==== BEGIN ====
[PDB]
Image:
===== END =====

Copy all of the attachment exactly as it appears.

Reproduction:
[PDB]
Image: